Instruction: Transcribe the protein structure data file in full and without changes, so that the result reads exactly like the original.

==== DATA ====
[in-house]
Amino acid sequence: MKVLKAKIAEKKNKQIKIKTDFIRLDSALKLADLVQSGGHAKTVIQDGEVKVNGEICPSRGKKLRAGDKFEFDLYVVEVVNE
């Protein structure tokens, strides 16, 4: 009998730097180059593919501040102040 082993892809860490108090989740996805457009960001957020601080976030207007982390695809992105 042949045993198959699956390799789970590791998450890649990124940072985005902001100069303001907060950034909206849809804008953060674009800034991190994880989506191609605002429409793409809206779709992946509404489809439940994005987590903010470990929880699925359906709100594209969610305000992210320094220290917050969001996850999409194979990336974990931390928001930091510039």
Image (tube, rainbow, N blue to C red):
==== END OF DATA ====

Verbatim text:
[in-house]
Amino acid sequence: MKVLKAKIAEKKNKQIKIKTDFIRLDSALKLADLVQSGGHAKTVIQDGEVKVNGEICPSRGKKLRAGDKFEFDLYVVEVVNE
């Protein structure tokens, strides 16, 4: 009998730097180059593919501040102040 082993892809860490108090989740996805457009960001957020601080976030207007982390695809992105 042949045993198959699956390799789970590791998450890649990124940072985005902001100069303001907060950034909206849809804008953060674009800034991190994880989506191609605002429409793409809206779709992946509404489809439940994005987590903010470990929880699925359906709100594209969610305000992210320094220290917050969001996850999409194979990336974990931390928001930091510039």
Image (tube, rainbow, N blue to C red):